Simon became the 'UK Reporter of the Year' for his eyewitness accounts in The Daily Telegraph of the massacres in Dhaka during the Liberation War of Bangladesh and the Bangladesh Government expressed its gratitude to Simon for his outstanding role during its War of Liberation. He returned to Bangladesh after it gained victory for its independence in December 1971 and was in Dhaka when Sheikh Mujib returned from his exile in Pakistan on 10 January 1972. Sheikh Mujib recognised him as they had met 2-3 times during March 1971. In fact, Simon was on the back of the truck which took Sheikh Mujib from Dhaka airport to Paltan Maidan. "It was very special and particularly exciting because when he arrived at the airport I was able to clamber on to the back of the truck and I actually drove into town on the back of the truck Sheikh Mujibur was on . (text link) And of course mass crowds and the excitement and mass crowds and enthusiasm, you were caught up in that. It was a very special moment".
The next day was Simon's 28th birthday. To his excitement, Sheikh Mujib had sent him a surprise birthday cake to the Intercontinental Hotel where he was staying. Back home in Fakenham, Simon's mother and father were photographed at home in the December of that year.
In 1972 Simon was assigned to Uganda and in September he was photographed at at Manchester Airport with photographer Don McCullin (left) and Newsman Sandy Gall (centre) after their return from Uganda, where they had been detained in jail under the threat of execution by dictator, Idi Amin. Sandy Gall recalled : “I was in Uganda when there was an invasion from Tanzania and Idi Amin thought it was a British plot and locked up all the British journalists. We were rounded up and put in a military barracks in Kampala. We were put in an execution cell by mistake before eventually being moved, which was rather unpleasant”. Don said that, in his career as a photographer, having been most frightened when arrested by Amin’s men and taken to a notorious prison where they were murdering hundreds of people every day with sledgehammers. He said : ”Sometimes if felt like I was carrying pieces of human flesh back home with me, not negatives. It’s as if you are carrying the suffering of the people you have photographed”.
In August 1974 Reuters carried a report : 'CYPRUS: ONE NEWSMAN IS KILLED AND OTHERS ARE WOUNDED WHEN THEIR CONVOY RUNS INTO A MINEFIELD'. In this conflict between the Turks and the Greeks on the island, Simon was driving first car in a convoy of 4 vehicles carrying newsmen when it ran into a minefield in a disputed area north-east of Nicosia. The whole episode was captured by a cameraman filming from the side of the road.(link) When Simon spotted disturbance in the road surface he stopped and Ted Stoddard, a BBC sound recordist, got out to warn the following vehicles, when he triggered a mine and was fatally injured. Wounded by shrapnel, Simon was led by a Turkish captain out of the danger area and pointing to Ted said : "What about him ?" As he was led to a jeep he said : "Which way do I go, for Christ's sake ?"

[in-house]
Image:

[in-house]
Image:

He was placed in the back of a jeep to be taken to a hospital in Nicosia and remarkably, wounded and smoking a cigarette filed his report for the camera as he travelled to a hospital in Nicosia : "It only goes to show just how badly defined the front lines are in this war between the Greek and the Turks here in Cyprus. At least on the Greek side the minefields are marked very clearly with barbed wire and (indistinct) lines. Here on the Turk's side, where there's no front line marked at all, mines have been indiscriminately sown across the road and nobody ever makes any attempt to stop you crossing them. There are no checkpoints, nothing. Today it's no man's land, but hopefully one day it will be policed by the United Nations". (link) That night at a meeting in Geneva foreign ministers from Britain, Greece and Turkey renewed efforts to bring peace to the island of Cyprus.
In 1978 Simon was in Africa working for the BBC and spent 5 weeks with the guerilla fighters of the 'Eritrean Peoples Liberation Front' before Ethiopian Army launched an offensive of 120,000 soldiers and hundreds of Russian tanks on EPLF positions, regaining most of the Eritrean territory which had been held by the organisation fighting for Eritrean independence. His resulting Report for the BBC (link)
contained his question to one of the fighters : "How much are you able to operate in Asmara (the town of held by the Ethiopians) itself ?"
He asked another fighter : "Does that mean that, as an army, you are prepared and ready to face the full force of an Ethiopian offensive ?"
He asked a Relief Co-ordinator : "How much of your supplies actually pass through the Sudan ?"
In the engineering shop he asked one of the operators : "Where did you get this machine from ?"
The quality of his Report was recognised when he received the International 'Valiant For Truth Award'
for his reports.
For BBC TV News, Simon reported the Shah of Iran going into exile on 17 January 1979. He said : "The hatred of the monarchy displayed on the
streets of Iran has, according to court officials left him a bitter and saddened man. Few people expect him to return".(link)
On February Ist Simon was on the plane carrying the Ayatollah Khomeini back from Paris to Iran after 15 years in exile and was given the Monte Carlo Television Festival 'Golden Nymph Award
', shared with John Simpson for his reporting of the 'Iranian Revolution'
for BBC Television News.